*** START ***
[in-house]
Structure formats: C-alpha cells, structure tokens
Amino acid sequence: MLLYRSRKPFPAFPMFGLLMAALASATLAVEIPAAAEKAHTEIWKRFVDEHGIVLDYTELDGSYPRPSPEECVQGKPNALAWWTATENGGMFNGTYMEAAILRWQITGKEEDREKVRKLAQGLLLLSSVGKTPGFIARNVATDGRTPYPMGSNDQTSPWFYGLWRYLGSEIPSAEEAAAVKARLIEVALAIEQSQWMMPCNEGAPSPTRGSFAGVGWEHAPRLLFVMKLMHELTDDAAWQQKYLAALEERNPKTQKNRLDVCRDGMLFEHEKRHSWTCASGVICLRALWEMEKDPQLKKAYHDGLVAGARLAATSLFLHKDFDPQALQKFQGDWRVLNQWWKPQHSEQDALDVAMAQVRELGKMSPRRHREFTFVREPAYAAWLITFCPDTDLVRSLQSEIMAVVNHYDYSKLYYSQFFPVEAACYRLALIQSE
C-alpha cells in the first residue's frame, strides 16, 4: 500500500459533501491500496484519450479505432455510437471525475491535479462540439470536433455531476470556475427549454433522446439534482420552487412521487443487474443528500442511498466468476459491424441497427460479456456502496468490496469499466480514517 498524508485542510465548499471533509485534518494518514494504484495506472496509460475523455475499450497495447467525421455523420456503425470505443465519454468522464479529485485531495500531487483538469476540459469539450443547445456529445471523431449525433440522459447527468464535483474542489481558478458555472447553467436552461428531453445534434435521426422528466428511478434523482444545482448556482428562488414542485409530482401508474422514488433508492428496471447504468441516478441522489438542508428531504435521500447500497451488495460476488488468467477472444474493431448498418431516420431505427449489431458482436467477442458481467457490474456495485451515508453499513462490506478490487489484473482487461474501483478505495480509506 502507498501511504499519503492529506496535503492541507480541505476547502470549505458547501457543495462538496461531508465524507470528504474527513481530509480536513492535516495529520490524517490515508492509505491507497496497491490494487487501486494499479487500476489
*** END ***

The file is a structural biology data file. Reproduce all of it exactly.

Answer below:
[in-house]
Structure formats: C-alpha cells, structure tokens
Amino acid sequence: MLLYRSRKPFPAFPMFGLLMAALASATLAVEIPAAAEKAHTEIWKRFVDEHGIVLDYTELDGSYPRPSPEECVQGKPNALAWWTATENGGMFNGTYMEAAILRWQITGKEEDREKVRKLAQGLLLLSSVGKTPGFIARNVATDGRTPYPMGSNDQTSPWFYGLWRYLGSEIPSAEEAAAVKARLIEVALAIEQSQWMMPCNEGAPSPTRGSFAGVGWEHAPRLLFVMKLMHELTDDAAWQQKYLAALEERNPKTQKNRLDVCRDGMLFEHEKRHSWTCASGVICLRALWEMEKDPQLKKAYHDGLVAGARLAATSLFLHKDFDPQALQKFQGDWRVLNQWWKPQHSEQDALDVAMAQVRELGKMSPRRHREFTFVREPAYAAWLITFCPDTDLVRSLQSEIMAVVNHYDYSKLYYSQFFPVEAACYRLALIQSE
C-alpha cells in the first residue's frame, strides 16, 4: 500500500459533501491500496484519450479505432455510437471525475491535479462540439470536433455531476470556475427549454433522446439534482420552487412521487443487474443528500442511498466468476459491424441497427460479456456502496468490496469499466480514517 498524508485542510465548499471533509485534518494518514494504484495506472496509460475523455475499450497495447467525421455523420456503425470505443465519454468522464479529485485531495500531487483538469476540459469539450443547445456529445471523431449525433440522459447527468464535483474542489481558478458555472447553467436552461428531453445534434435521426422528466428511478434523482444545482448556482428562488414542485409530482401508474422514488433508492428496471447504468441516478441522489438542508428531504435521500447500497451488495460476488488468467477472444474493431448498418431516420431505427449489431458482436467477442458481467457490474456495485451515508453499513462490506478490487489484473482487461474501483478505495480509506 502507498501511504499519503492529506496535503492541507480541505476547502470549505458547501457543495462538496461531508465524507470528504474527513481530509480536513492535516495529520490524517490515508492509505491507497496497491490494487487501486494499479487500476489